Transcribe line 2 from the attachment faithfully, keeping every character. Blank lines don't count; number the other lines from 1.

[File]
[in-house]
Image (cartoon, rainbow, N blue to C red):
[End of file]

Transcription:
Image (cartoon, rainbow, N blue to C red):